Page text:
Before breathing a sigh of relief that rate hikes may have ended, investors may want to pause. Further tightening by major central banks still goes on in the form of quantitative tightening, posing an increasing risk to stock markets around the world.
Central banks appear to be ending their interest rate hiking cycles with the Bank of England (BOE) and Swiss National Bank surprising last week with pauses instead of hikes, joining a growing list of central banks that have put further increases on hold. Yet, monetary policy tightening continues with quantitative tightening (QT) underway at most major central banks. QT is the unwinding of quantitative easing (QE), when central banks reverse their former QE program asset purchases by not reinvesting maturing bonds and/or by selling bonds, to reduce the overall size of their balance sheets. During last week's meeting, the BOE Monetary Policy Committee voted 5-4 to leave rates unchanged at 5.25%, but all nine members voted in favor of increasing the pace of quantitative tightening from £80B this year to £100B over the next 12 months.
QE and QT policies impact the stock markets primarily through the phenomenon referred to as the "portfolio rebalancing effect," where investors take more risk in search of return in the markets in response to QE pushing yields lower, or reduce holdings in risky assets when QT drives yields higher and making bonds more attractive. This effect manifested in a sharp rise in the S&P 500 price-to-earnings (PE) ratio during the pandemic-related QE program and its subsequent decline in 2021-22 as the Federal Reserve tapered that QE program, as illustrated in the chart below.
QE and PE in 2020-22
Source: Charles Schwab, FactSet data as of 9/23/2023.
NTM is next 12 months. Forecasts contained herein are for illustrative purposes only, may be based upon proprietary research and are developed through analysis of historical public data. Past performance is no guarantee of future results.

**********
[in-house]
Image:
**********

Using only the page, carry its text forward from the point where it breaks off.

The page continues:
Historically, there have been only two main international experiences of QT to draw lessons from. The U.S. 2017-19 episode, during which the U.S. Federal Reserve reduced its asset holdings by around $750 billion (after a total increase of $3.7 trillion in the previous eight years) at the same time as the European Central Bank and Bank of England ended their QE asset purchase programs. The 2006-07 Japanese experience, during which the Bank of Japan (BOJ) reduced its balance sheet from 155 trillion yen to 100 trillion yen, reversing nearly all the increase over the previous five years.
Limited experience with QT prevents us from being overconfident in using history as a guide to stock market performance during the current QT period. Yet, the previous two periods had similar effects on the stock markets.
- Prior to the Global Financial Crisis of 2008-09, only the BOJ had engaged in QE and so it was alone in unwinding it in 2006-07. In March 2006, the BOJ began a one-year reversal of the entire rise in its balance sheet since QE began in 2001. Over the year that followed March 2006, Japan's Nikkei 225 Index exhibited higher volatility, saw a peak-to-trough decline of 19% and was relatively unchanged for the full 12 months with a rise of just 1.3%.